With IRIS we selected OBS-ID 3860108092. This will provide slitjaw images in spectral lines C II, Si IV, Mg II h/k, and Mg II h/k wing with FOV 120" x 120" and cadence of 36.3s. Large sparse 64-step raster scan will cover FOV of 64" x 120" with an exposure time of 8s and a repeat cadence of 581s. Because flares could be related to active region filaments, we will be using flare linelist. The resulting data rate will be ~0.5 Mbit/s.

We will use SDO/HMI and SDO/AIA images for the global overview.

Time period of proposed observations: 10 days from 10 August - 19 August 2015
We request Hinode support for 2 hours of observing time on 10 days during the time window specified below. Observations on consecutive days are desired, but not necessary. Like other ground-based HOPs, it requires fairly high priority until some good data is obtained at Tenerife, then priority can drop down. We will inform the Hinode teams well in advance about the local weather condition.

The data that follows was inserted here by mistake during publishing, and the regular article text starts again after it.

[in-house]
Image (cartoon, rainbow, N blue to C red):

Time window in day: The best seeing conditions at Tenerife are from 8:30-10:30 UT in August. Continuous observations within that time window are requested to cover the temporal evolution of magnetic and flow fields. However, the time window and its duration are not rigid. We highly appreciate suggestions from Hinode team and will be able to adjust accordingly.

Target of interest: An active region with a filament and well define magnetic neutral line would be the preferred target. We would prefer to follow the same region for the whole observing campaign, if it matches the above criteria. Observer on site will specify detailed pointing and inform Hinode team every day.

Dr. Meetu Verma
Post-doctoral researcher
Leibniz-Institut für Astrophysik Potsdam (AIP)   An der Sternwarte 16, Potsdam, Germany
phone: +49 331 7499 450 (office in Potsdam, Germany)
        +34 922 329 142 (VTT Tenerife)

HOP list   Monthly Events